Oceans are great, as are their countless bucket list-worthy beaches. When it comes to large bodies of water, however, there are plenty of spectacular lakes around the world worthy of praise. The seven lakes on this list are unique and unquestionably impressive, from a fiery-hued lagoon in Bolivia to a lake within a volcano in the Philippines.
Paste Travel’s Bucket List columnist Lauren Kilberg is a Chicago-based freelance writer. Her travels have found her camping near the Pakistani border of India and conquering volcanoes in the Philippines.
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Canada's Banff National Park is home to the stunning blue Peyto Lake. This glacier-fed body of water within the Canadian Rockies turns a vivid turquoise in summer as minerals from Peyto Glacier fill its waters.
Photo by Shutter Runner, CC BY-NC 2.0
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From the surface, Palau's Jellyfish Lake on Eli Malk island looks fairly unspectacular. Pop on a pair of goggles and go for a swim and you'll see exactly why it is anything but ordinary. Millions of jellyfish cross this marine lake daily, which you can witness up close while snorkeling in its waters. Fear not, the jellyfish don't contain strong enough stinging cells to harm.
Photo by Richard Schneider, CC BY-NC 2.0
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On the island of Luzon in the Philippines you'll find Taal Lake, which fills a volcanic caldera. Within Taal Lake you'll find Volcano Island, which contains its own crater lake. In the center of that lake is Vulcan Point, another island. Are you keeping up? Taal's Volcano Island is the third most active volcano in the Philippines, which is saying something for a seismically-active country. A visit to the volcano and the lake is an easy 30-mile trip from Manila. You can view the area's impressive landscape from Tagaytay Ridge. For a closer look, however, rent a motorbike down to the lake and hire a boat to take you to the island where you can hike or ride horseback up the volcano.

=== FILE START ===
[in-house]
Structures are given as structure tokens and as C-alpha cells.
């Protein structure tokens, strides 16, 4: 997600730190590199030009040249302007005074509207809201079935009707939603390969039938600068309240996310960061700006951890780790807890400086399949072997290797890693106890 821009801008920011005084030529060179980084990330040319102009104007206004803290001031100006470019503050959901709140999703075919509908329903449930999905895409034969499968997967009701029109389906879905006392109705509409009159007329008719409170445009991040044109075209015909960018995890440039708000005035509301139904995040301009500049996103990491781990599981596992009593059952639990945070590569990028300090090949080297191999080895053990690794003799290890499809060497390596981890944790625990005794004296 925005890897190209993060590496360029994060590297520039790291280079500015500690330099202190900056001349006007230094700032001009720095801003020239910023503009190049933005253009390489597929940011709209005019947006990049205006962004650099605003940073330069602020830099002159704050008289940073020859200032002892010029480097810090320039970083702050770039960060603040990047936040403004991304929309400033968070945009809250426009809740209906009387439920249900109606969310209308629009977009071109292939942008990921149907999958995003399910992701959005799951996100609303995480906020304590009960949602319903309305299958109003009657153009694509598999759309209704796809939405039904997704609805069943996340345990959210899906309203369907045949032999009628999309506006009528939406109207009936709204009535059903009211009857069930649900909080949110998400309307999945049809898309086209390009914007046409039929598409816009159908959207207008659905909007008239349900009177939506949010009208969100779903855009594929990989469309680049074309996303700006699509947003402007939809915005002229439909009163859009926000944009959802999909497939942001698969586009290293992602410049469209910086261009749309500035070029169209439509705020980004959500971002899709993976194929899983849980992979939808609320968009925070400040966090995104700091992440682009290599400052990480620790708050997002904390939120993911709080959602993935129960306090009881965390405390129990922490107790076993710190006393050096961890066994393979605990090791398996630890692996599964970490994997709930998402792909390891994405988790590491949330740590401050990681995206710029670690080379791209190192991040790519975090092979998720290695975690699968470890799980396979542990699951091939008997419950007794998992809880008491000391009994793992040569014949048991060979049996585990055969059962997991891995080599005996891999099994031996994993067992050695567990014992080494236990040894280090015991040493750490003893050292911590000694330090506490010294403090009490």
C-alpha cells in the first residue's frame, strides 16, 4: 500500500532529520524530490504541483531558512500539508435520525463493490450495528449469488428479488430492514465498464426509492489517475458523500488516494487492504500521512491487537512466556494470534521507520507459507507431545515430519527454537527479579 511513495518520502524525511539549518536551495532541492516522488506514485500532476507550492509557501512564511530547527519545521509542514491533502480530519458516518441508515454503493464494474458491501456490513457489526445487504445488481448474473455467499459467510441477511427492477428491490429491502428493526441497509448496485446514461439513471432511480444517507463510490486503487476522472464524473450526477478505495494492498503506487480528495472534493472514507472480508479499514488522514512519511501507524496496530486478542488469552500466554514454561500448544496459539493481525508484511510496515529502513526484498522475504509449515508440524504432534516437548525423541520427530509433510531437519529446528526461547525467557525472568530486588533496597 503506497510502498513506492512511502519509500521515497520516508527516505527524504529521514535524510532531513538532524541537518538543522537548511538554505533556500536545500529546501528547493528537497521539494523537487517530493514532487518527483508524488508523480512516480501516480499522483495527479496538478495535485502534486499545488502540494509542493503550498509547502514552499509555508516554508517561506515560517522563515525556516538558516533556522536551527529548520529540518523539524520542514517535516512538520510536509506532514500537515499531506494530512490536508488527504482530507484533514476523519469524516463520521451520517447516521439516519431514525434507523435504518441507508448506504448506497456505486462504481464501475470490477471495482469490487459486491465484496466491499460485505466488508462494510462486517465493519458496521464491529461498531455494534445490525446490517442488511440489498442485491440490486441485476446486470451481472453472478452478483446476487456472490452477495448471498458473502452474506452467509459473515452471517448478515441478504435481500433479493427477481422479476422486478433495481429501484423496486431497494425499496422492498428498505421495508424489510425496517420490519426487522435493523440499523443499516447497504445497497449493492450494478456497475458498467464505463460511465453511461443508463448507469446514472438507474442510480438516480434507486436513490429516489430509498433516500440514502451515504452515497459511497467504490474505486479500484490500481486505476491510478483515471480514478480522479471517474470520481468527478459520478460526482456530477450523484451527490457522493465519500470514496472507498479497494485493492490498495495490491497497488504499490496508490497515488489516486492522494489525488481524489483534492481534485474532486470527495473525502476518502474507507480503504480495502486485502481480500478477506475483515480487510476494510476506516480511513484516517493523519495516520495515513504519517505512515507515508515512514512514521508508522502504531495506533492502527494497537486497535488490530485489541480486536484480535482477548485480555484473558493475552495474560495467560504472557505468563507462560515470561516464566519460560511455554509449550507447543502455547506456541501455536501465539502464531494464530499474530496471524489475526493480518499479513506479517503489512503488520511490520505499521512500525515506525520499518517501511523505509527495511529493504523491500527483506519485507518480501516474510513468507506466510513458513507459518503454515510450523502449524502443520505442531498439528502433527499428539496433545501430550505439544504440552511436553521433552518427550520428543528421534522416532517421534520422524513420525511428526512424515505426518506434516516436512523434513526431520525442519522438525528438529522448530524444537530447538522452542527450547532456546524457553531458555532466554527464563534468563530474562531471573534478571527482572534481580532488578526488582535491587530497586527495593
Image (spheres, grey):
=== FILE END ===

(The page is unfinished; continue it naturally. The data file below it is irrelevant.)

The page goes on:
Photo by Freedom II Andres, CC BY 2.0
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Like an illustrated scene straight from the pages of a fairy tale, Slovenia's Lake Bled is nothing short of magical. This postcard-perfect lake is surrounded by the Julian Alps and contains an island at its center with a small pilgrimage church accessible by a covered pletna boat. Perched high on a cliff overlooking the lake is the 17th-century Bled Castle, which provides breathtaking views of the lake and surrounding area.
Photo by James Southorn, CC BY 2.0
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At one point in history, Central Asia's Aral Sea was one of the four largest lakes in the world and contained more than 1,000 islands. Today, it has almost completely dried up due to the rivers that fed it being diverted and draught. What sits in place of this once more than 26,000-square-mile lake is known as Aralkum Desert. Travel to the area is considerably difficult. However, once there you can walk the lake bed, passing the skeletons of sunken ships.
Photo by Hélène Veilleux, CC BY-NC-ND 2.0
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Plitvice Lakes National Park, a UNESCO World Heritage Site in Croatia, contains 16 connected and cascading lakes famous for their vibrant waters that fluctuate in color between shades of green, grey and blue. Along with the lakes, the national park boasts a dramatic karst landscape with natural dams, subterranean rivers and waterfalls.
Photo by /Casper, CC BY-NC-ND 2.0
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You won't need to pack a swimsuit to visit Bolivia's Laguna Colorada, but you can gawk at the countless flamingos that find this shallow salt lake plenty hospitable. The lagoon is located near the border with Chile in Eduardo Avaroa Andean Fauna National Reserve. Its blood red water is the result of red sediment and algae, which looks all the more vibrant next to the stark white borax islands that dot the lake.
Photo by Roman Korzh, CC BY-NC-ND 2.0